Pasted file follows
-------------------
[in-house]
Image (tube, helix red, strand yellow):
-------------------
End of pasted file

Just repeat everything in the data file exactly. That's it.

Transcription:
[in-house]
Image (tube, helix red, strand yellow):